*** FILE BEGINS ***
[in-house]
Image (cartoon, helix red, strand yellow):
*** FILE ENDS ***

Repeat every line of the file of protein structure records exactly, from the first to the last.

[in-house]
Image (cartoon, helix red, strand yellow):